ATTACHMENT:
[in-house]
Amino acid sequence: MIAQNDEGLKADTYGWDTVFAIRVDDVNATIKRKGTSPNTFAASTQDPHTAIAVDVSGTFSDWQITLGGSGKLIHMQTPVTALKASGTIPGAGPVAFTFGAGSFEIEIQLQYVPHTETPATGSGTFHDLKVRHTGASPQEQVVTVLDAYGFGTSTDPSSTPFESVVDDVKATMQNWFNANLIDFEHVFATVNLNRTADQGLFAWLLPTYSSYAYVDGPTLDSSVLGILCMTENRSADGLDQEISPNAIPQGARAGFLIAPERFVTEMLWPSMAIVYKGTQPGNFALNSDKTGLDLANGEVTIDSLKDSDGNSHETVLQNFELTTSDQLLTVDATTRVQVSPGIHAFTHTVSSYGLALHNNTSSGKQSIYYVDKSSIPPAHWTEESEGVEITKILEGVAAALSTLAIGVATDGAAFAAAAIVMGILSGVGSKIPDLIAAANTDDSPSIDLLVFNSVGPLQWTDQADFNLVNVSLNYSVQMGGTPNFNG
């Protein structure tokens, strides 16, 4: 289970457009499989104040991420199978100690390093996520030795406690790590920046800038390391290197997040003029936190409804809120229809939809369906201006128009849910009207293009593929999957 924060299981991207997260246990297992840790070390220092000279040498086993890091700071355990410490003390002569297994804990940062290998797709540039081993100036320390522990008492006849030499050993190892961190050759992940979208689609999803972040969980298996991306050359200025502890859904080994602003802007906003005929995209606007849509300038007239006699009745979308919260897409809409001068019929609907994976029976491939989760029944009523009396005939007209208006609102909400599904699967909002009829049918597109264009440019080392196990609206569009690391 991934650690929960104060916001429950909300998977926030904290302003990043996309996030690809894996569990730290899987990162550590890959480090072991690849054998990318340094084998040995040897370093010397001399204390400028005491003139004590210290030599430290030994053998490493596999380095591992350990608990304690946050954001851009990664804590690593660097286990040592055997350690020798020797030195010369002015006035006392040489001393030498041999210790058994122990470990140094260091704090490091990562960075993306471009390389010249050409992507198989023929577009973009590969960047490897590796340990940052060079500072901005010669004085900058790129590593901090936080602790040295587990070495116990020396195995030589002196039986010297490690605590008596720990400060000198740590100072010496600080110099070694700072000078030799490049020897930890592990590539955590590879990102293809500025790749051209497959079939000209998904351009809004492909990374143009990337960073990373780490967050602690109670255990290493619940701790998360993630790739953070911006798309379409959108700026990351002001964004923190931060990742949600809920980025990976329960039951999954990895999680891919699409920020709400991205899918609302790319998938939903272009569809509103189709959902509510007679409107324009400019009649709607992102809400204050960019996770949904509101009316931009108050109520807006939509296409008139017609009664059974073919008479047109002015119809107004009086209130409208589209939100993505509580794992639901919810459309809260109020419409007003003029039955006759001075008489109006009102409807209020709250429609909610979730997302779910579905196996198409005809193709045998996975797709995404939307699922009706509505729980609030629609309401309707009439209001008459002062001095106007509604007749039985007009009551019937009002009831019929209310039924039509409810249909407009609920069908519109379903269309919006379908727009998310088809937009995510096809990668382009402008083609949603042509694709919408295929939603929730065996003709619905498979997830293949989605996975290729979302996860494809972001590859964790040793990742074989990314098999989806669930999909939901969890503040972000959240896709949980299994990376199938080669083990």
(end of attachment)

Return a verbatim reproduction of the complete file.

[in-house]
Amino acid sequence: MIAQNDEGLKADTYGWDTVFAIRVDDVNATIKRKGTSPNTFAASTQDPHTAIAVDVSGTFSDWQITLGGSGKLIHMQTPVTALKASGTIPGAGPVAFTFGAGSFEIEIQLQYVPHTETPATGSGTFHDLKVRHTGASPQEQVVTVLDAYGFGTSTDPSSTPFESVVDDVKATMQNWFNANLIDFEHVFATVNLNRTADQGLFAWLLPTYSSYAYVDGPTLDSSVLGILCMTENRSADGLDQEISPNAIPQGARAGFLIAPERFVTEMLWPSMAIVYKGTQPGNFALNSDKTGLDLANGEVTIDSLKDSDGNSHETVLQNFELTTSDQLLTVDATTRVQVSPGIHAFTHTVSSYGLALHNNTSSGKQSIYYVDKSSIPPAHWTEESEGVEITKILEGVAAALSTLAIGVATDGAAFAAAAIVMGILSGVGSKIPDLIAAANTDDSPSIDLLVFNSVGPLQWTDQADFNLVNVSLNYSVQMGGTPNFNG
């Protein structure tokens, strides 16, 4: 289970457009499989104040991420199978100690390093996520030795406690790590920046800038390391290197997040003029936190409804809120229809939809369906201006128009849910009207293009593929999957 924060299981991207997260246990297992840790070390220092000279040498086993890091700071355990410490003390002569297994804990940062290998797709540039081993100036320390522990008492006849030499050993190892961190050759992940979208689609999803972040969980298996991306050359200025502890859904080994602003802007906003005929995209606007849509300038007239006699009745979308919260897409809409001068019929609907994976029976491939989760029944009523009396005939007209208006609102909400599904699967909002009829049918597109264009440019080392196990609206569009690391 991934650690929960104060916001429950909300998977926030904290302003990043996309996030690809894996569990730290899987990162550590890959480090072991690849054998990318340094084998040995040897370093010397001399204390400028005491003139004590210290030599430290030994053998490493596999380095591992350990608990304690946050954001851009990664804590690593660097286990040592055997350690020798020797030195010369002015006035006392040489001393030498041999210790058994122990470990140094260091704090490091990562960075993306471009390389010249050409992507198989023929577009973009590969960047490897590796340990940052060079500072901005010669004085900058790129590593901090936080602790040295587990070495116990020396195995030589002196039986010297490690605590008596720990400060000198740590100072010496600080110099070694700072000078030799490049020897930890592990590539955590590879990102293809500025790749051209497959079939000209998904351009809004492909990374143009990337960073990373780490967050602690109670255990290493619940701790998360993630790739953070911006798309379409959108700026990351002001964004923190931060990742949600809920980025990976329960039951999954990895999680891919699409920020709400991205899918609302790319998938939903272009569809509103189709959902509510007679409107324009400019009649709607992102809400204050960019996770949904509101009316931009108050109520807006939509296409008139017609009664059974073919008479047109002015119809107004009086209130409208589209939100993505509580794992639901919810459309809260109020419409007003003029039955006759001075008489109006009102409807209020709250429609909610979730997302779910579905196996198409005809193709045998996975797709995404939307699922009706509505729980609030629609309401309707009439209001008459002062001095106007509604007749039985007009009551019937009002009831019929209310039924039509409810249909407009609920069908519109379903269309919006379908727009998310088809937009995510096809990668382009402008083609949603042509694709919408295929939603929730065996003709619905498979997830293949989605996975290729979302996860494809972001590859964790040793990742074989990314098999989806669930999909939901969890503040972000959240896709949980299994990376199938080669083990």